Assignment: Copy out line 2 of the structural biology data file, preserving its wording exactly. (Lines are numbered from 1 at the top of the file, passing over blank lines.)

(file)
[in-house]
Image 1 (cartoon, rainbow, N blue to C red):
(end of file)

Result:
Image 1 (cartoon, rainbow, N blue to C red):